Wednesday, May 7, 2014

Creating Engaging Assessments

All of my classes are currently reading novels.  When it comes to reading novels, it turns out that this year's students actually enjoy hearing the sound of my voice, so I've ditched my literature circles and agreed to conduct whole-group sessions. In order to hold students accountable, I've developed assessments. My students just finished taking most of their mandated assessments for the year (they are taking the district benchmark exam next week) and I have to be careful about how I continue to assess as they have already declared that they "are sick of tests".  Luckily, I've found ways to assess the students without them knowing it.  In fact, they love completing these assessments.  Here are some examples that I've either tried or plan to try by the end of the unit:
  • In chapters 1-6, we learned that Francisco's parents brought him to the United States without papers and then they sent him to California to live with his brother while they stayed in Mexico. When he graduated the eighth grade, they did not attend the ceremony,  Ms. Ninja's conclusion is that Francisco's parents did not love him.  Is Ms. Ninja's conclusion accurate?  Remember to cite evidence from the text.  FYI: This conclusion is totally wrong.  When the students heard me read the question, they couldn't race to their iPads fast enough to explain why I was wrong.  They even suggested that I should do things such as go back and re-read before responding next time.  No one tried to sneak onto Youtube that day :)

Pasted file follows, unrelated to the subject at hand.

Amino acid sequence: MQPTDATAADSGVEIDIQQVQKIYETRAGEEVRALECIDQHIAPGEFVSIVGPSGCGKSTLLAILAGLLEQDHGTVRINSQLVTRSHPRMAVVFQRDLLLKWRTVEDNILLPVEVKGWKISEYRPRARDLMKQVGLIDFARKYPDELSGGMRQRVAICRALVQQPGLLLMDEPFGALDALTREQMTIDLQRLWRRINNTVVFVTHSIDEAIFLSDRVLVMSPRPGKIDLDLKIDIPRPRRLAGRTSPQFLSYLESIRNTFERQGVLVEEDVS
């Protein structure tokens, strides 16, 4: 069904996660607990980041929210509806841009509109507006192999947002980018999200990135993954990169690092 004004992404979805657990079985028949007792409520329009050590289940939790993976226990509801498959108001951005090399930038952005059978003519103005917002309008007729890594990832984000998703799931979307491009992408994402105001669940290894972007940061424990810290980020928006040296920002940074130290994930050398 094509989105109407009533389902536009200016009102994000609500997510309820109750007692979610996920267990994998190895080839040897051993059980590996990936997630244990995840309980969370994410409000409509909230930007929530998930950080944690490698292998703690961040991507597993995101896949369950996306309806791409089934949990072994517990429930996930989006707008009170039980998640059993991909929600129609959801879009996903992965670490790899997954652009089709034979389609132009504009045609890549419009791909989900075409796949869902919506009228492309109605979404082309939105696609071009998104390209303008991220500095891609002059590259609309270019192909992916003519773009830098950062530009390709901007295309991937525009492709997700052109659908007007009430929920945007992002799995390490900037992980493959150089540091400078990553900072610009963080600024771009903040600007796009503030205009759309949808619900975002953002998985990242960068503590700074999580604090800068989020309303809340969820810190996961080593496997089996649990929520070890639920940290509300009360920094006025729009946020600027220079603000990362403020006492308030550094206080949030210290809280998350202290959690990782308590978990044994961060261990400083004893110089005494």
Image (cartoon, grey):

• Imagine that Gary Soto continued the story.  Script out the interaction between the two characters in drama format.  Write at least 15 lines.
  • Review these models of high school graduation speeches.  Imagine that Francisco Jimenez was asked to give a speech at his high school graduation.  Write the speech that he could have given to his classmates.
  • Re-read two of  Gary Soto's short stories.  Which of the main characters do you find it easier to relate to?  Why?
  • Imagine that Hollywood decided to make the novel you just read into a movie.  What would the trailer look like?  Remember, movie trailers usually highlight the main message of the story.  Work with your group to write a trailer script, act out and record your trailer on your iPad.  We will hold a film festival next week.

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